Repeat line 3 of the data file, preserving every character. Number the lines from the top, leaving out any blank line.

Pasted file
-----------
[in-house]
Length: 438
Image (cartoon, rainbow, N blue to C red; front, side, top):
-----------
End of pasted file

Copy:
Image (cartoon, rainbow, N blue to C red; front, side, top):